|Organization:||Massachusetts Department of Revenue|
|Referenced Sources:||Massachusetts General Laws|
Sales and Use
September 22, 1983
You request a ruling as to the application of the Massachusetts sales tax on meals and the room occupancy tax to mandatory percentage service charges made to customers.
Massachusetts General Laws Chapter 64H imposes a five per cent sales tax on a vendor's "gross receipts," defined as "the total sales price received by vendors as a consideration for retail sales." (G.L. c. 64H, § 1(6)). In determining the sales price, "no deduction shall be taken on account of...(ii) the cost of materials used, labor or service cost, interest charges, losses or other expenses" (G.L. c. 64H, § 1(14)(a)), and "there shall be included (i) any amount paid for any services that are a part of the sale…." (G.L. c. 64H, § 1(14)(b)).
Technical Information Release 78-5 (Gratuity Charges for Meals or Banquets and Other Functions) states that separate gratuity charges for meals at banquets and similar functions are not subject to the sales tax if the gratuity charges are separately listed in the vendor's price list and in the invoice given to the purchaser, and if the gratuity charges "are kept as a segregated fund and almost immediately turned over in their entirety to the waiters or other service personnel." However, if the gratuities are paid only in part to the service personnel or if the gratuities are used to pay in part the wages of the service personnel, the entire amount of such charges is considered receipts of the vendor and is subject to the sales tax. Technical Information Release 78-5 is limited to gratuity charges for meals served at banquets and similar functions.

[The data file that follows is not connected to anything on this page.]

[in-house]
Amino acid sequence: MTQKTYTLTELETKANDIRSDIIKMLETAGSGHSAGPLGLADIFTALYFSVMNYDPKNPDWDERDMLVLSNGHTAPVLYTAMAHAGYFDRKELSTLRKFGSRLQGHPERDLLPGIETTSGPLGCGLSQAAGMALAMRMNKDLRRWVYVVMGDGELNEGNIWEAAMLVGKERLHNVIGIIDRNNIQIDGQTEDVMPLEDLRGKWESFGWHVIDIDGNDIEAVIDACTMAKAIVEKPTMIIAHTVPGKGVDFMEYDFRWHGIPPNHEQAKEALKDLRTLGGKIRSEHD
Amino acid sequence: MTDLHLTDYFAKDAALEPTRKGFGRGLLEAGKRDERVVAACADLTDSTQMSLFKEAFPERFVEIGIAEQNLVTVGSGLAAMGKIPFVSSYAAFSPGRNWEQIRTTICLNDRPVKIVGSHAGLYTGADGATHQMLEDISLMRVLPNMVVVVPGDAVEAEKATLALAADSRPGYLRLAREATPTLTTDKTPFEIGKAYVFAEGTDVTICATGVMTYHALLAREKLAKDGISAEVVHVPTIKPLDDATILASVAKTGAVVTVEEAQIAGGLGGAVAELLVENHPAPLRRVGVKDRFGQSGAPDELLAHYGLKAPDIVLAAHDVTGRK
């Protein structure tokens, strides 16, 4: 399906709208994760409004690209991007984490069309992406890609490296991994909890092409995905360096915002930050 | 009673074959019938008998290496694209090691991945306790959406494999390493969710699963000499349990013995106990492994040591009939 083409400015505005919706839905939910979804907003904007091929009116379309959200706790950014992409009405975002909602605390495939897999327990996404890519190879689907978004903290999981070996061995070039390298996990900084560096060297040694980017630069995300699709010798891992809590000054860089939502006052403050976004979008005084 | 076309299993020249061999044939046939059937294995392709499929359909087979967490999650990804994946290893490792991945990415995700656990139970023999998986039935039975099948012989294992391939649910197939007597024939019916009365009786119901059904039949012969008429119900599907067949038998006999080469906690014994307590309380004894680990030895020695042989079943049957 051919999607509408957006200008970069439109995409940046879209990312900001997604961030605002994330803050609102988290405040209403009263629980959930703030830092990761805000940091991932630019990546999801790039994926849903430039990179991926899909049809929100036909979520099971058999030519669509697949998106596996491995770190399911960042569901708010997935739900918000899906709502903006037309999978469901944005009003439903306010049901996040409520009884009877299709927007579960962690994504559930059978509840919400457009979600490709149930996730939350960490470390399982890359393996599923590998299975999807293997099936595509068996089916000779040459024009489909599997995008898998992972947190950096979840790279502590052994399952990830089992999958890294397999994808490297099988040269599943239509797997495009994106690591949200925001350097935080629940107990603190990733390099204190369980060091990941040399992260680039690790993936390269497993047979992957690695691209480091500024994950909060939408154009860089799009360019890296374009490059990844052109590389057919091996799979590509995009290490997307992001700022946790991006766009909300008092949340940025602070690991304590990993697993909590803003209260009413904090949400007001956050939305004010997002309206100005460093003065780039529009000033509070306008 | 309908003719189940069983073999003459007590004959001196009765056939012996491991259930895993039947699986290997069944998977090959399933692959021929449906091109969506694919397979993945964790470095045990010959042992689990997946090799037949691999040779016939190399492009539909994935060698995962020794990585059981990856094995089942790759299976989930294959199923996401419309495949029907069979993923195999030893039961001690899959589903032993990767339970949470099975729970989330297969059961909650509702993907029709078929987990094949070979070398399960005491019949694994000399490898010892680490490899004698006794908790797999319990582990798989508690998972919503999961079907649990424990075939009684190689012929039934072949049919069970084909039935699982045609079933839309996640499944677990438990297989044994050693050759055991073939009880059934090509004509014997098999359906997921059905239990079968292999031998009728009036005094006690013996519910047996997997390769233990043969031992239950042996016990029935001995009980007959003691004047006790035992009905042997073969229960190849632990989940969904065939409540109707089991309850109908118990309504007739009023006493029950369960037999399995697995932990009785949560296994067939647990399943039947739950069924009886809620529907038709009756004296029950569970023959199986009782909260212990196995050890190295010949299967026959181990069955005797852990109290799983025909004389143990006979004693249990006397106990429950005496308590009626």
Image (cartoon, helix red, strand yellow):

Massachusetts General Laws Chapter 64G imposes a room occupancy tax, levied on the total amount of rent charged for each occupancy. (G.L. c. 64G, § 3).
Based on the foregoing, it is ruled that:
1. The full price charged to the purchaser for a meal is subject to sales tax, including any mandatory service charge, unless the meal is served at a banquet or similar function. If the meal is served at a banquet or similar function, gratuity charges that are separately stated, kept segregated from other charges, and "almost immediately turned over in their entirety to the waiters or other service personnel employed at such function" are exempt from the sales tax. But gratuity charges that are paid only in part to the service personnel or are utilized in part to pay their wages are subject to the sales tax in their entirety.
2. The full amount charged to the occupant of a room, including any mandatory service charges, is subject to the room occupancy tax.
Very truly yours,
/s/Ira A. Jackson
Ira A. Jackson
Commissioner of Revenue